• Bud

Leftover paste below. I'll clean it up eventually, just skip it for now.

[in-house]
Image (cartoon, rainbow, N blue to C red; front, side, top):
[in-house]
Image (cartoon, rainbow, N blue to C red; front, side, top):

Tim, thanks for your remarks. Now I have to read Rob’s book. My two cents? Pain, lotsa pain. I hope Rob’s book will provide a balm that I can embrace. Heaven knows the church hasn’t. “Followed Jesus” as a good boy in a Christian household, finally went to seminary, got an MDiv along the way trying to find my own…rather than someone else’s…answers. Mid-30’s, sin not the issue…at least not any more than your average Christian seeking Jesus – and couldn’t function on a day to day basis in this world. Concluded that being made and renewed in the image of God couldn’t produce that result. As the cracks appeared in all the “inspired” stuff I had heard from the pulpit, and had assumed even through the more rational approach of seminary, I decided God had it right, cuz he can’t be wrong, but Christianity and the Church didn’t know it’s proverbial patoot from a hole in the ground. NO ONE speaks with a “thus saith the Lord” authority….those who think they have got God wired are just a bunch of folks who find the depression, desperation, darkness, and dirt of the real world too hard to confront without some “higher-than-thou” means of escapism/avoidance. OK, so here’s what I boil it down too: I have a hard time seeing God as a Loser. Hard to imagine giving His only Son so that the devil can take away a big slice of the prize…that the darkness that all folks are born into gets to triumph…and so easily! Ya know, theology has produced three competing versions of Christianity that historically have sought to deny or kill each other. Protestants stand out more for their division than their unity. Some score card for a bunch of ivory tower, belly button, lint pickin comtemplators of the truth to point to when they have the audacity to tell some poor slob living in darkness and desperation that God’s brand of “love” pretty much leaves him screwed! Ask yourself this: how many erudite theologians do you know that were born on a mean street, got their theological education while staying on that mean street, and express their lofty erudite positions from a little hovel on that mean street? Same thing for all these “happening” pastors with the big churches who blaspheme God everytime they step into the pulpit and start with a prayer asking that God annoint their message…such audacity to presume they speak with His understanding, purity, clarity, authority, and unadulaterated purpose. In a temporal sense, I have recovered from my years of being “lost is Jesus” (no slur on Jesus, who I still think is the genuine article)…have a relatively healthy family and a sound career even in the midst of this financial debacle. But I still wake up everyday wondering what to tell my kids about this mess we call Christianity…which fails to speak to the real experience of our humanity finding it’s way back to the IOG. Whether Rob is right or wrong, I am glad he’s got the guts to to put his thoughts out there…and everyone who wants to deep-six him, well maybe you should take a hard look at yourself…cuz maybe God doesn’t think you’re so red hot, right on either. Hmm, does that make you question your salvation, or are you just a member of the “I made the right choices” club? Well lucky you…or should I say lucky, predestined you? Alright, this post will last about two seconds, but for those who do read it, maybe it speaks to the inclusion of God’s appreciation for the pain entailed in being lost in your theological calculations of who God is and what His love means. By the way, my name isn’t Bud.